NIST Lead-Free Solder database
|What is it?||Data from NIST covering solder materials.|
|What is in it?||
Composition, economic, mechanical, electrical, and thermal properties, manufacturability, wetting, and test results for 350 lead-free and lead-based solder materials.
|What is it used for?||Selecting and substituting materials - particularly, replacing solders impacted by regulation.|
|Where does it come from?||The book "Properties of Lead-Free Solders" by Sieward, Liu, Smith & Madeni (National Institute of Standards and Technology and Colorado School of Mines) v4.0 (2002). Additionally, NIST test data.|
|How can I access it?||Available as a standalone database in the GRANTA MI software.|
RoHS (restriction on hazardous substances) legislation around the world has accelerated the move from leaded to lead-free solders. However, these materials are relatively new - design data and long-term experience is lacking.
This data module of approximately 350 lead-free and lead-based solder materials is the most important publicly available repository of lead-free solder properties. Some intermetallics and pure metals are also included.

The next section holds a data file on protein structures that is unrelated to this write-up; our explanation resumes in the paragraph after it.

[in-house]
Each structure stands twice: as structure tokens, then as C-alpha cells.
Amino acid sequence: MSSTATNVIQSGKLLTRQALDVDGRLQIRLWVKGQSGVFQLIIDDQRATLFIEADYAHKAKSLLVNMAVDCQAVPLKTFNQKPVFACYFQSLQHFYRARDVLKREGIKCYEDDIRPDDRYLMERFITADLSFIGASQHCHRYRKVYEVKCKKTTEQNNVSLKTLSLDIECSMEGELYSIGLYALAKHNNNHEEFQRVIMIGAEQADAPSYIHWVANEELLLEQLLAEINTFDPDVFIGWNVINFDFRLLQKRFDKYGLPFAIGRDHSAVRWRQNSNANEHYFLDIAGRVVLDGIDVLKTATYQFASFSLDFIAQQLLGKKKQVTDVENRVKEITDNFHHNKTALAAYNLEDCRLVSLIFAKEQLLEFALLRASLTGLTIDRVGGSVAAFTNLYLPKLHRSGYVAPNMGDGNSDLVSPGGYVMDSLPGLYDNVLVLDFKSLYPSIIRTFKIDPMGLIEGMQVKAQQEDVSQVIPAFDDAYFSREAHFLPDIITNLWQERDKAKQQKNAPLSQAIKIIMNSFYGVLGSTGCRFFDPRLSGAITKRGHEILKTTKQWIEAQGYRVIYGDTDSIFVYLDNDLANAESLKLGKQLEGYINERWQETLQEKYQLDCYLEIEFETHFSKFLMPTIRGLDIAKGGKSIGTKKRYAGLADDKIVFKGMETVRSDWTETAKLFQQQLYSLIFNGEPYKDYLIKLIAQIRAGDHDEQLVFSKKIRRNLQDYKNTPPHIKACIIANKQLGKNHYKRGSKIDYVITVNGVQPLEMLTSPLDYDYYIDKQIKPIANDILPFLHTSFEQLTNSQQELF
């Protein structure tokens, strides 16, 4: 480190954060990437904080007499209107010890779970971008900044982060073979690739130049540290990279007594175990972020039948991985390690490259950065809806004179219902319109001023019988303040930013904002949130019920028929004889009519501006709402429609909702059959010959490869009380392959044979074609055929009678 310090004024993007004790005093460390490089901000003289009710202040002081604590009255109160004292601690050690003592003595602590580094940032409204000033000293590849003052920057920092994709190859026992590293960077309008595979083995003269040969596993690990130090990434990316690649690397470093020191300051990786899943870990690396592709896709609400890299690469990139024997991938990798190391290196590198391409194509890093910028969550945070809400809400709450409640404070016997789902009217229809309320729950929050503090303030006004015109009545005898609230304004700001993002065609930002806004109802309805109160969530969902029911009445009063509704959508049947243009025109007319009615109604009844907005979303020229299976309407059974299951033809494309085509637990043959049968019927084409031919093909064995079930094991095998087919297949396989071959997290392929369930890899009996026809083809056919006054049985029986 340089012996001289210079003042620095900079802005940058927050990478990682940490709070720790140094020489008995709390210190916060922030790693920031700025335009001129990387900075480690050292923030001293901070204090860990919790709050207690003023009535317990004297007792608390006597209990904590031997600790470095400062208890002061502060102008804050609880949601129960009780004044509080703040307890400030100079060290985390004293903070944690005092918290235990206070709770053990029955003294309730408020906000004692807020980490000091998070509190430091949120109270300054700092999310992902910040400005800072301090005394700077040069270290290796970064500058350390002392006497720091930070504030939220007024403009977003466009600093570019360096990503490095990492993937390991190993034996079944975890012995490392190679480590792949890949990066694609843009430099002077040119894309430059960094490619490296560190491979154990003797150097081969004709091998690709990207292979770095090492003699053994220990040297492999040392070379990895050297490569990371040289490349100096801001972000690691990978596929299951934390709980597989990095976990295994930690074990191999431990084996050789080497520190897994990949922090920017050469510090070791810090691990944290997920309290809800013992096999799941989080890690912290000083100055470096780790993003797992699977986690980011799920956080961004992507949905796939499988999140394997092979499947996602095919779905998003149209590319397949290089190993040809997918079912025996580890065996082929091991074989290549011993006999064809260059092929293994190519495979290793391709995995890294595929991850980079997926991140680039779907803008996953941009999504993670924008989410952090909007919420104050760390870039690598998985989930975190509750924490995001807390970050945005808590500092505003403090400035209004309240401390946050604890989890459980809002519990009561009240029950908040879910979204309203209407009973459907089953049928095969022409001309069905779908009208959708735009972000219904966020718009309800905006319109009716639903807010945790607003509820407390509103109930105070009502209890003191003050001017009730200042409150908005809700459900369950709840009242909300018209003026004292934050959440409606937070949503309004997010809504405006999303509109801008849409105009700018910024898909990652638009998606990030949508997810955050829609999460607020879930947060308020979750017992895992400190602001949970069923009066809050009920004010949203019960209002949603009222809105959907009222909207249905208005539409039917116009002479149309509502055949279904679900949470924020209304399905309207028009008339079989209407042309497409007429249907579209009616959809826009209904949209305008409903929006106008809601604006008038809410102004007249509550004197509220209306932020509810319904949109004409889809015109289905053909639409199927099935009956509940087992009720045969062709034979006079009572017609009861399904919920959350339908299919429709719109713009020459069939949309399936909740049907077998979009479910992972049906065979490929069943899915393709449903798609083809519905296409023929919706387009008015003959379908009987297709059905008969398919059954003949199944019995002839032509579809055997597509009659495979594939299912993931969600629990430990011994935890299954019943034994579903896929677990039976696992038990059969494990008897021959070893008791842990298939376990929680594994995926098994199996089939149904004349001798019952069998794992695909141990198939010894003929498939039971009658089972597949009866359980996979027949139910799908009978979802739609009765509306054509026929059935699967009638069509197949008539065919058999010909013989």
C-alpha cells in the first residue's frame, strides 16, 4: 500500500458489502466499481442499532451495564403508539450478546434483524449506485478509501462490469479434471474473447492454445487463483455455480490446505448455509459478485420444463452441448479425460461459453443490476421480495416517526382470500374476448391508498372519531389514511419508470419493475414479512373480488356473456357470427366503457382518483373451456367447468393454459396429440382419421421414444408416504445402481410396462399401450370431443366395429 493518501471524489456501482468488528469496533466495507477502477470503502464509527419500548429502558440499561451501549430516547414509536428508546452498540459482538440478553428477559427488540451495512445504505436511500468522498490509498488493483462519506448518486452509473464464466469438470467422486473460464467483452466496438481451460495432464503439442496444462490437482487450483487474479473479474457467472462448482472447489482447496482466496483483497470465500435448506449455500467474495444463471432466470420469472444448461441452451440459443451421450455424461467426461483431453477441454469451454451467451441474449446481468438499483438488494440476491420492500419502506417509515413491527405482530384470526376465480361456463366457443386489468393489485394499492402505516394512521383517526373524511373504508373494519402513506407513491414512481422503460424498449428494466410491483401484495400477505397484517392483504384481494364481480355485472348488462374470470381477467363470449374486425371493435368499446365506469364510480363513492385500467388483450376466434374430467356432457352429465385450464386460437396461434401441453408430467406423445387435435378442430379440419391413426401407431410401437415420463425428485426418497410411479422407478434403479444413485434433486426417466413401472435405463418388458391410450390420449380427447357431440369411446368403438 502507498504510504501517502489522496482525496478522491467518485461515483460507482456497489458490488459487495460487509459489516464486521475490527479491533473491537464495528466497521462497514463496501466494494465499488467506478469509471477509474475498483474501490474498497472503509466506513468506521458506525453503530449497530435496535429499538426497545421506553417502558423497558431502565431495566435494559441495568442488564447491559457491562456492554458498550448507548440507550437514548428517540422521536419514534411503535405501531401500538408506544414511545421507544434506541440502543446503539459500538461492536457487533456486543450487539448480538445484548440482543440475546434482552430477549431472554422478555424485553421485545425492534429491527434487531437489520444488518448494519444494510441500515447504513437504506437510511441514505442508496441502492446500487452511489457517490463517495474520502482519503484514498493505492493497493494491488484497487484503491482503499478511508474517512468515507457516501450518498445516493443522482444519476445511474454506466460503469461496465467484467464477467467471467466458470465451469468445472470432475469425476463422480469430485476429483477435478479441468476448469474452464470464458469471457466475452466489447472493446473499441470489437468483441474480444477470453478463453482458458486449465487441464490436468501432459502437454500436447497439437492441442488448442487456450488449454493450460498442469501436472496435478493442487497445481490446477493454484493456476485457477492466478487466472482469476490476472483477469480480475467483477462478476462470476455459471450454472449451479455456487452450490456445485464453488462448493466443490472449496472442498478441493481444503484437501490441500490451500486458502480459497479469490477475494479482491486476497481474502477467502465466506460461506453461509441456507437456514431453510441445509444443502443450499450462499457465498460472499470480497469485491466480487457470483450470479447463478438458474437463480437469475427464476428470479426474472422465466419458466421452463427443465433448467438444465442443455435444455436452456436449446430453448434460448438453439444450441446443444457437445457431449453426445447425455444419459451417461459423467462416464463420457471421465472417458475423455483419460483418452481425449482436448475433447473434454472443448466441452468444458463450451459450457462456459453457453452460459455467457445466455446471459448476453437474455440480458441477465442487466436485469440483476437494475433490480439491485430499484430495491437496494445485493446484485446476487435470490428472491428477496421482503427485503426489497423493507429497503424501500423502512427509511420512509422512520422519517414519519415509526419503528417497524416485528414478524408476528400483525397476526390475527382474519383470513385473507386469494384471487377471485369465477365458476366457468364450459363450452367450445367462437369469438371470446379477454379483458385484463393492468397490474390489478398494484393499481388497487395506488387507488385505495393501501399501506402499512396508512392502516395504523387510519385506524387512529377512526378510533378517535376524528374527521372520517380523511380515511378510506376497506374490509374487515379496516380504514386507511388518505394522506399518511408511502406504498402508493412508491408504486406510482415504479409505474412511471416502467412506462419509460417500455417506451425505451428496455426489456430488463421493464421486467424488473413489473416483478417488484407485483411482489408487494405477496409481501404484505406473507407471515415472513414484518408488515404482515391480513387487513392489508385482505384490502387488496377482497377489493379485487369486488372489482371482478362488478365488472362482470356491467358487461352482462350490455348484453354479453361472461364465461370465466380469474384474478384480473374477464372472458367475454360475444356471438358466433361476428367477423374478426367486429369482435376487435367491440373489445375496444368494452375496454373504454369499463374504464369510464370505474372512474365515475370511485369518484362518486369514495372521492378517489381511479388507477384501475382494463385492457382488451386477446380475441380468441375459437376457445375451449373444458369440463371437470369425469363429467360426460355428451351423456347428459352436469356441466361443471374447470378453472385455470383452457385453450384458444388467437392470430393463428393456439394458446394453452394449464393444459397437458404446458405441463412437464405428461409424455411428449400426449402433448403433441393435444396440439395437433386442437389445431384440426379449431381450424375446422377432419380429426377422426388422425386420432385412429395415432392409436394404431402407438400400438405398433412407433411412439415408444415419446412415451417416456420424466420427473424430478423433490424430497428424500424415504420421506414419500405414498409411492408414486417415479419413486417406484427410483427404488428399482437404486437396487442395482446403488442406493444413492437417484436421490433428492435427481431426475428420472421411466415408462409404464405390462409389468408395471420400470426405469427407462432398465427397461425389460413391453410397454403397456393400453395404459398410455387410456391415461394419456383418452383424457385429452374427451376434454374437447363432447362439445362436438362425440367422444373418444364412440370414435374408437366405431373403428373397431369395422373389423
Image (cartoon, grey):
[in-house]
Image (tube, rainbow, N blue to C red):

Properties listed include composition, economics, standard mechanical, electrical, and thermal data, manufacturability, wetting, and test results on fracture, plastic rupture and deformation, creep rupture and deformation, and fatigue. There are up to 40 property attributes per material.The principal data source is: “Properties of Lead-Free Solders” by Sieward, Liu, Smith & Madeni (National Institute of Standards and Technology and Colorado School of Mines) v4.0 (2002). Additionally, NIST test data for fatigue and rupture properties have also been included.
The data module contains links to the references mentioned in this paper. No attempt has been made to fill "holes" in this data or to normalize properties.